Turn Around - Listen
Turn around and listen
to the great resonance of Shabd.
These opening lines of a poem by Soami Ji sum up the entire philosophy of Sant Mat, the teaching of the saints. What the poem, Shabd 12 from Bachan 20, tells us is that we must turn our attention around. Our hearing is normally focused on external sounds, but we need instead to listen to what is within us.
Moreover, we must not just hear but actually listen; it is a matter of attention. When we don’t notice the birds singing, it’s not that we can’t hear them but that we aren’t listening. We are not giving them our attention. The saints repeatedly tell us that the Shabd is there, but we are not; we can hear it but we’re not listening. Our attention is elsewhere, drawn by external sounds.
The mystics tell us that God cannot be found outside, in the realm of the senses. It is not just that we interpret the world through our five senses; what we perceive through them is what we take to be real. Most of us regard ourselves as practical people, who won’t believe something unless we’ve seen it with our own eyes. Yet we know from science that human eyes see only a tiny fraction of what is there; with X-ray eyes, we’d see a different world. Far from seeing reality, we see only what’s on the surface.
Psychologists explain that when we see another person for the first time, we form a judgment about them within seconds, mapping what we see onto our prejudices. When we get to know that person better, we always discover that he or she is different from our initial perception. Seeing may be believing, but it isn’t knowledge. It’s the same with all our physical senses.
But the saints tell us that we do have reliable faculties for accessing reality, namely the inner spiritual faculties. Referring to Sant Mat as ‘the science of the soul’ is a way of explaining this idea. No one expects to see a ‘soul’ in the outside world, so the word ‘soul’ stands for whatever lies within. The science of the soul is the experiment of going within to find reality.
Soami Ji continues his poem:
O surat, beloved of your Master!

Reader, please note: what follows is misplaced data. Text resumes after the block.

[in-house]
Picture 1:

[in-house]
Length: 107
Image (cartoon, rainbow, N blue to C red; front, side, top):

Why carry heavy burdens on your head
when your stay on earth is so short-lived?
The Master pleads with you again and again
to develop love for the melody of Shabd.
Surat is the inner hearing faculty. By “heavy burdens”, Soami Ji does not mean the events of life. These are the results of karma; sometimes immensely enjoyable, sometimes horribly painful, mostly somewhere in between. He means rather the burdens of mental attachment - to beings, objects and events in this world.
We believe that what goes on in our world matters profoundly, because this is the only ‘reality’ we know. Yet as spiritual human beings we are constantly seeking happiness, fulfilment and liberation. Here is the paradox. We want happiness and we see the outside world as real; but if we seek happiness through the senses, we won’t find it.
There are two major reasons why we won’t find happiness ‘out here’. Firstly, everything here changes. If our happiness depends on other people, we cannot guarantee they’ll remain happy, healthy or here at all. And sooner or later we realize that our own time is limited too. Our human life is measured in breaths; at any second we may use up our allowance and leave. Knowing this, how can we expect to find any lasting happiness here?
Secondly, our desires will never be fulfilled. The more we gain, the more we want. Maharaj Charan Singh described indulging our senses as putting fuel on the fire. We came into this world empty-handed and we will leave empty-handed. What lasting happiness can be obtained by trying to have more and more? In the Bible Jesus Christ asks: “For what does it profit a man, if he shall gain the whole world and lose his own soul?”